stayed strong in the face of a fierce two-sport recruiting crush, surveying his options before deciding to stay down in the Delta, where he knew could pursue his dual-sport passions of playing quarterback in the fall and roaming center field in the spring.
Perhaps unless Petal's senior standout becomes his school's only first-round pick in June's Major League Baseball First-Year Player Draft, Alford will be taking his prodigious two-sport talents less than 20 minutes west on Route 11 to Southern Mississippi, where former Panthers football coach Steve Buckley just joined the Conference USA school's staff as the assistant head coach.
Ultimately, this pledge led the Petal (Miss.)
star to pick the Golden Eagles over LSU and Ole Miss.
"I'm going to Southern Miss to play both sports," Alford said. "Other colleges, they say what they really want you to hear. I've seen a lot of kids get screwed over. I know I won't miss any baseball during the spring."
Going to Southern Miss as the crown jewel in its football recruiting class – he is ranked 24th in the class of 2012, the Golden Eagles' only Top 200 recruit – offers some inherent advantages. For one, Buckley provides a sense of familiarity from when they teamed up to lead Petal to its first Mississippi Class 6A title-game appearance in December. Alford scored 44 touchdowns and accounted for 3,789 yards of offense, leading CBS Sports Network recruiting expert Tom Lemming to say, "If he sticks with football he certainly shows the ability to become an All-American at the college level."
Another factor worth noting: Alford is tight with Petal teammate Garren Berry
, a junior catcher/corner infielder who is also the son of Southern Miss baseball coach Scott Berry.
"They've got some close ties there," said Larry Watkins, Petal's 32nd-year coach. "They laid it out: during football, you play football, and during baseball, you play baseball."
A MaxPreps Preseason All-American
who is rated 44th among our Top 100 players
, Alford has already been watched by a parade of scouts, cross-checkers and general managers passing through Petal. Despite a touch of shoulder tendinitis that prompted Watkins to use his star as the Panthers' designated hitter through the two-time defending Class 6A squad's first 11 games, the senior has excelled despite several key losses from the 2011 title team: He is batting .441 (15-for-34) with 12 runs scored, four doubles, four stolen bases, five runs batted in and a .537 on-base percentage.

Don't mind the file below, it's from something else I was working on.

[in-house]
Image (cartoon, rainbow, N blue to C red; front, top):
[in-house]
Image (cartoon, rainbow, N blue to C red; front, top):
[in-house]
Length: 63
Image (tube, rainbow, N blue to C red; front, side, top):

"He can do anything. He can play anything," Watkins said. "He's explosive running and has explosive power. And his instincts are great. He knows how to play the game. He's got great fundamentals, a great background. It's not just taking a great athlete and sticking him out on the baseball field; he knows how to play."
This could lead to an interesting decision come June. While there is the security of a two-sport scholarship already in hand, Alford could become an instant millionaire if a big league team is undeterred by his college commitment and selects him among the Top 30 picks.
Previously, Petal has had one sandwich pick between the first and second rounds (Tootie Myers, Montreal Expos, 1997), and three second-round selections: Bill Lott (Los Angeles Dodgers, 1989), Gary Hust (Oakland Athletics, 1990) and Nate Rolison (Florida Marlins, 1995). Of them, only Rolison appeared in a Major League game.
"He'll have a decision he'll have to make," Watkins said. "It'll be a good choice either way he goes."
Alford is steadfast in his focus, saying without hesitation, "I'm focused on getting back to Jackson and winning another state championship. In June, when that times comes, I'll handle it then."
Beyond providing leadership to a young, yet promising, Petal squad seeking a state three-peat, Alford sets an example outside the athletic arena within his small city of 10,454. Following the lead of his civic-minded favorite athletes, Derek Jeter and Kurt Warner, the senior and Ge'Monee Brown conducted a February youth football clinic. Afterward, they donated more than $300 to 3-year-old McKenna Hawkins, the daughter of Petal defensive coordinator Jody Hawkins, who is batting Acute Lymphoblastic Leukemia.
"I try to set a good example for younger kids in the community," Alford said. "I don't only want to be remembered by my athletic ability and (for) playing football and baseball. I want to be remembered for my character."
But Petal will also remember Alford for his prodigious talents playing quarterback in the fall and roaming center field in the spring. Unless he signs with a Major League team, it is balancing act he will bring to Southern Miss this summer.